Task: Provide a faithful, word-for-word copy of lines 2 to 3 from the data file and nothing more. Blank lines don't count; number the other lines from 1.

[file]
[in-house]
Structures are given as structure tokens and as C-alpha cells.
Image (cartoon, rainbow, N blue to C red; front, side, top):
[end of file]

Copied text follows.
Structures are given as structure tokens and as C-alpha cells.
Image (cartoon, rainbow, N blue to C red; front, side, top):